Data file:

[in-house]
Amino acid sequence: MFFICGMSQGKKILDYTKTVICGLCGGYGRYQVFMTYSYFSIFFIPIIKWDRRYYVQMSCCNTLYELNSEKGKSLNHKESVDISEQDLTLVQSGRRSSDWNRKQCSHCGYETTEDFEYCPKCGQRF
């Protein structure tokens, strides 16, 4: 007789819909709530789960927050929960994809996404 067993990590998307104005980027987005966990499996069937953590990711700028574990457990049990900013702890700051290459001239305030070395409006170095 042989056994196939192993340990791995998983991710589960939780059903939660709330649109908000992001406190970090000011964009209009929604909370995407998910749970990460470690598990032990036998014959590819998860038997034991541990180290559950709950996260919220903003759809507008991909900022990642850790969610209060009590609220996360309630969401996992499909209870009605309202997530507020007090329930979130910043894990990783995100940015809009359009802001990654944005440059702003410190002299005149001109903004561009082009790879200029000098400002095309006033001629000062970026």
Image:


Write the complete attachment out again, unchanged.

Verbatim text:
[in-house]
Amino acid sequence: MFFICGMSQGKKILDYTKTVICGLCGGYGRYQVFMTYSYFSIFFIPIIKWDRRYYVQMSCCNTLYELNSEKGKSLNHKESVDISEQDLTLVQSGRRSSDWNRKQCSHCGYETTEDFEYCPKCGQRF
């Protein structure tokens, strides 16, 4: 007789819909709530789960927050929960994809996404 067993990590998307104005980027987005966990499996069937953590990711700028574990457990049990900013702890700051290459001239305030070395409006170095 042989056994196939192993340990791995998983991710589960939780059903939660709330649109908000992001406190970090000011964009209009929604909370995407998910749970990460470690598990032990036998014959590819998860038997034991541990180290559950709950996260919220903003759809507008991909900022990642850790969610209060009590609220996360309630969401996992499909209870009605309202997530507020007090329930979130910043894990990783995100940015809009359009802001990654944005440059702003410190002299005149001109903004561009082009790879200029000098400002095309006033001629000062970026």
Image: